Rich Hatton was headed to breakfast aboard the USS Worden when he saw all the fancy flying going on in the sky over Pearl Harbor.
As Hatton saw planes swoop and dive and skim the water, “I couldn’t imagine what our Air Force was doing,” he said.
Then things started blowing up, and he saw the bright red balls on the wings of the planes.
“My God, those are Japanese planes,” Hatton realized.
Hal Lacey, who was part of the breakfast shift on the USS Tennessee, was heading topside so he could dump a pan of dishwater off the battleship.
“Guys were coming down the ladder,” Lacey said, and they told him the Japanese were attacking the American fleet.
“I put the dishwater down and headed to my battle station,” said Lacey, vice president of the Vancouver chapter of the Pearl Harbor Survivors Association.
They were among the Pearl Harbor veterans who gathered Tuesday to remember the 2,400 sailors, Marines and soldiers who died on Dec. 7, 1941.
The Vancouver chapter welcomed members of the Portland survivors’ chapter for the annual event, held for the first time at the E.B. Hamilton Hall on the Vancouver Barracks campus.
Gene Cole, president of the Portland chapter, was part of an aviation squadron based at Bellows Field. That was the scene of a unique meeting between American defenders and a Japanese attacker.
On the day after the attack, American forces captured a two-man miniature submarine that had grounded just off Bellows Field.
“It was right off the end of our runway,” Cole said. “We captured the officer. He wanted us to shoot him. We did not oblige.”
No, they had bigger targets in mind, Cole said.
“Our big objective was to get back into the fight and finish it,” Cole said.
Aboard the USS Worden, it didn’t take long to switch from defense to offense. Less than three hours after the attack had started, the destroyer was heading out of Pearl Harbor — with some emergency duty on the way out of the harbor.
“We pulled up survivors” out of the water, Hatton said. “We went to sea with 60 additional personnel.”
The Worden joined a cruiser and several other destroyers in the Pacific.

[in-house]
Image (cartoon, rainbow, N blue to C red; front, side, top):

“We were searching for the Japanese fleet,” Hatton said. “Fortunately, we didn’t find them.”
Lacey, who was aboard the Tennessee at Pearl Harbor, served on three other battleships during 50 straight months of sea duty.
Lacey was on the USS West Virginia during the Battle of Surigao Strait, a historic part of the campaign to retake the Philippines.
“It was the last battle between battleships,” Lacey said. It truly was a battle of giants. His ship fired massive shells, 16 inches in diameter, that weighed almost 1½ tons each.
“We fired 93 rounds in 12 minutes,” Lacey said.
Cole spent the war with the 345th Bomber Group, where he got to play a special role in its conclusion.
Cole was part of a B-25 bomber crew that supported island-hopping troops and attacked Japanese shipping. The “Air Apache” B-25s were equipped with more than a dozen .50-caliber machine guns that could just about dissolve the hull of an enemy ship.
Cole eventually got to participate in his long-range objective: to finish the war. He was a co-pilot on one of the two B-25 bombers that were part of the Japanese surrender process.
“My last mission on a B-25 was to escort a (Japanese) ‘Betty’ bomber carrying a peace ambassador back to Japan,” Cole said.
“It was a pleasant feeling,” Cole said. “That was what I was there for. To end it.”